Photo credit: riverseal
Millions of chickens in Delaware are pulling their weight for the environment and the health of the state's waterways—by watching what they eat.
Delaware chickens now digest more of the phosphorus in their feed, the result of adding a natural enzyme known as phytase. As a result, the output of their feathered bowels contains 23 percent less phosphorus than before. When poultry litter is used to fertilize a farm field, a lot less phosphorus is available to potentially leach from the soil or be carried off in storm water to a river or bay, where it contributes to massive blooms of algae and fish kills.Imagine this: In 2006, the good farmers of Delaware, one of the top poultry producers in the United States, produced over 269 million broiler chickens, or 1.8 billion pounds of prime poultry, valued at more than $739 million, according to the Delmarva Poultry Industry. That's a lot of waste—280,000 tons to be exact.
With the chicken's modified diets, there are now about 19 pounds of phosphorus in a ton of Delaware poultry litter, compared with 25 to 30 pounds of phosphorus per ton of litter only five years ago. What this translates to is a phosphorus-load reduction of some 2 million to 3 million pounds per year.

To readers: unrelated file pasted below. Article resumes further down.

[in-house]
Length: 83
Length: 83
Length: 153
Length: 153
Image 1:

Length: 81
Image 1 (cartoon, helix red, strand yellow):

"All in all, these phytase diets are doing the job," says William Vanderwende, chairperson of the state's Nutrient Management Commission. "And I know these scientists are working to see if they can get the phosphorus numbers even lower."
"Phytase is definitely a positive piece of the water-quality puzzle," agrees John Schneider, manager of the Watershed Assessment Section in the Division of Water Resources at the Delaware Department of Natural Resources and Environmental Control. "We are seeing less phosphorus in water samples from all over the state. Clearly, we're doing a lot of things right." And no feathers were ruffled in the process, either. ::Newswise